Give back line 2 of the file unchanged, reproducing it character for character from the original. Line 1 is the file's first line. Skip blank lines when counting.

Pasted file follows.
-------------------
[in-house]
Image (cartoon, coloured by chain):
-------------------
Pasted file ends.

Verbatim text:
Image (cartoon, coloured by chain):